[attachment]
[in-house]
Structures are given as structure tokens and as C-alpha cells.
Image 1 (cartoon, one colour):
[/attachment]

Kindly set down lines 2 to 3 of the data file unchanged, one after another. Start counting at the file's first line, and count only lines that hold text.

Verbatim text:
Structures are given as structure tokens and as C-alpha cells.
Image 1 (cartoon, one colour):